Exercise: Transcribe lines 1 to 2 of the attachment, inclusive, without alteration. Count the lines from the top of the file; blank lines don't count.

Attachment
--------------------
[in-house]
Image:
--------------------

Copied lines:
[in-house]
Image: